Item condition is one of the top factors buyers consider when deciding whether to purchase an item. When you create your listing, help your buyers understand exactly what they'll be receiving by specifying its condition. Listings that specify the item's condition provide useful information and as a result, may be more likely to sell.
Your item's condition appears at the top of the View Item page. When buyers search for items, they often use eBay's Refine Search options to narrow their search based on the item's condition. In these cases, your listing will appear in search results only if you specified the condition by using one of eBay's structured methods (not in the text of your listing description).
Improve Performance with Better Descriptions (eBay online help)
For most categories, eBay defines a list of well-understood conditions, like "New", "Used", and other values. Each condition has a numeric ID (like 1000 for "New") so that even if the display name varies across categories or sites, you can use the same IDs in AddItem and related calls.
To find the right condition ID to use in your listing:
Requiredfor the category (or its ancestors).
Please note the following behavior if you pass a ConditionID value that is not valid for the category:
Requiredfor the category, the request fails.
We recommend that you read these sub-topics to understand more about how to work with item conditions, and how to decrease disputes with buyers:
The US eBay Motors site supports ConditionID for vehicles as well as parts & accessories. Call GetCategoryFeatures to determine which categories require ConditionID for newly listed or relisted items.
Although many categories use the same condition IDs, buyers may interpret the conditions differently in each category. It is very important that sellers understand what each condition means for each category, because it is part of the contract between the buyer and the seller. So, GetCategoryFeatures also returns links to eBay's online help (ConditionHelpURL).
We recommend that you display the help links prominently in your application interface, so that sellers understand how buyers will interpret the item condition. (Or, if you are mapping older condition values to the new field on behalf of sellers, you should be aware of eBay's definitions for each condition.)
If a category (such as one in Antiques or Collectibles) doesn't support ConditionID, but you still want to describe the item's condition in your listing, here are some options: If the category supports custom item specifics but doesn't specifically recommend Condition as a name, make up your own custom item specific for the condition. Alternatively, explain the condition in your item description. In these cases, eBay's search engine will treat your text like any other keyword. That is, eBay will not recognize or process the item's condition when users filter on condition, but your text will be searchable and visible to buyers when they view the listing.
If you are listing in two categories, the primary category determines which condition values can be used. On the eBay site, you may see items that appear to have an item condition specified in ConditionID even though GetCategoryFeatures shows that condition is disabled for the category. This can occur when the seller lists in two categories, because the primary category's rules take precedence.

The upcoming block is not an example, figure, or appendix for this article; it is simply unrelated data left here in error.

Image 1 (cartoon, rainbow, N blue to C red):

So, for example, on the eBay US site, the Technology Books & Resources (3516) category supports ConditionID, but the Vintage Computing (11189) category doesn't. So, as long as a listing uses 3516 as the primary category ID and 11189 as the secondary category ID, the listing can use any of the ConditionID values that category 3516 supports.
In general, each eBay top-level (L1) category defines its own default set of conditions (rather than inheriting from a site default). Most L1 categories on a given site will actually define the same default set of conditions, but some L1 categories define different default sets to meet buyer and seller expectations. Furthermore, within each L1 category, a significant number of child categories may use different sets of conditions than their parent categories. Use GetCategoryFeatures to determine which conditions each category supports.
For example, while the Sporting Goods category on the eBay US site might define a default set of conditions that most of its child categories will inherit, a child category like Running > Shoes would use the same set of conditions as the Clothing, Shoes & Accessories > Shoes category instead.
Similarly, the Books L1 category and child categories where items are typically CDs or DVDs (i.e., the DVD & Movies, Music, and Video Games categories) are considered "media categories", and they typically all define the same default set of conditions. But a child category like Video Games > Systems has items that are electronic devices, so it defines a different set of conditions (the same set as the Computers & Networking meta-category).
The table below lists the conditions that are supported across the eBay US site, plus conditions that some meta-categories and child categories actually use.
Please note these details about the data in the table:
Table: Examples of Conditions in eBay US Categories
The table below maps condition ID values to typical text-based condition names. Note that condition ID values remain consistent across eBay categories, but the text-based condition names can vary slightly in different eBay categories. Note that condition ID values and their corresponding text descriptions are returned for specified categories in the GetCategoryFeatures call of the Trading API.
Also, buyers should always check the seller's item description in case the seller provided more details about the condition of the item.
|ID||Typical Name||Typical Definition|
|1000||New||A brand-new, unused, unopened, unworn, undamaged item. Most categories support this condition (as long as condition is an applicable concept).|
|1500||New other (see details)||A brand-new new, unused item with no signs of wear. Packaging may be missing or opened. The item may be a factory second or have defects.|
|1750||New with defects||A brand-new, unused, and unworn item. The item may have cosmetic defects, and/or may contain mismarked tags (e.g., incorrect size tags from the manufacturer). Packaging may be missing or opened. The item may be a new factory second or irregular.|
Certified Refurbished: The item is in a pristine, like-new condition. It has been professionally inspected, cleaned, and refurbished by the manufacturer or a manufacturer-approved vendor to meet manufacturer specifications. The item will be in new packaging with original or new accessories.